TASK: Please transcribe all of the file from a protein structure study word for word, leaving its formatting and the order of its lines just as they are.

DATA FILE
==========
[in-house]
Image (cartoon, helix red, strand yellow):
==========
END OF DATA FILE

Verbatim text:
[in-house]
Image (cartoon, helix red, strand yellow):